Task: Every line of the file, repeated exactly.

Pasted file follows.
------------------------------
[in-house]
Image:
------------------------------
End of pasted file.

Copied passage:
[in-house]
Image: